4. Curve Finance

    For those interested in less volatile pricing, Curve Finance is an Ethereum-based protocol that offers a decentralized platform based on exchanging stablecoins and wrapped assets (like wrapped Bitcoin). There’s low slippage with this exchange, as well as relatively low fees. Stablecoins such as Tether and GUSD are pegged to a specific asset, the values aren’t as volatile compared to other DeFi protocols.

    5. Yearn Finance

    Rather than just limiting potential yield farmers to one place for their tokens, Yearn.Finance uses an algorithm to compare various protocols and determine where an investor is likely to get the best yield. An investor can join Yearn.Finance, decide which assets to use, and the algorithm will determine where the assets will earn the highest yield.

    Frequently Asked Questions

    Yield farming can be a profitable investment strategy for investors that delegate their assets for a long period of time. The returns for deposit crypto assets into a liquidity pool can be as high as 100% APY, however, the pay-outs can vary in frequency. Moreover, farming yield has several risks that can reduce profitability, or even result in total loss of funds.

    Decentralized finance is a relatively new market that has attracted new money to earn passive income. The high yields can be associated to several reasons such as market inefficiencies, lack of regulation, greater demand for DeFi lending and borrowing products and an influx of speculators taking bigger risks to earn above average pay-outs.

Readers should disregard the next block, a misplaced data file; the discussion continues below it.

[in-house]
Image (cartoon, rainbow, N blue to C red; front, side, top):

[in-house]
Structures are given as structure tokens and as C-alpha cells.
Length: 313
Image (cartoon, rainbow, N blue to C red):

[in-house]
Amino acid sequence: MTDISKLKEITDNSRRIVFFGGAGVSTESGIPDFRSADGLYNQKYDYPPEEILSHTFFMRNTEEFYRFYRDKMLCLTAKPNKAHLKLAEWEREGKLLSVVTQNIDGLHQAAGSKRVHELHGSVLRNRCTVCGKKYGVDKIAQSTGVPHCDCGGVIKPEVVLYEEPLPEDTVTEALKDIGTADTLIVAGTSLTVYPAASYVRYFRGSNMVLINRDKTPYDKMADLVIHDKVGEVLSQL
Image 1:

Staking is the activity of delegating Proof-of-Work (PoW) coins to a staking wallet, exchange or pool to validate transactions to earn staking reward. Yield farming is different as it's involves lending and borrowing funds using a decentralized finance protocol to earn interest or portion of trading fees.


    Yield farming is an excellent way to earn additional crypto while taking advantage of the long-term appreciation in tokens over time. Individuals that participate in yield farming have the potential to earn very high returns, as long as they are willing to shoulder the risks. All investors should carefully research their strategies and options and invest in ways that align with their own portfolio strategy and risk tolerance.

    You might also be interested in
    Kevin GrovesKevin GrovesKevin Groves

    Kevin started in the cryptocurrency space in 2016 and began investing in Bitcoin before exclusively trading digital currencies on various brokers, exchanges and trading platforms. In 2019, he started HedgewithCrypto to publish informative guides about Bitcoin and share his experiences with using a variety of crypto exchanges around the world.

    Share this post
    Or copy link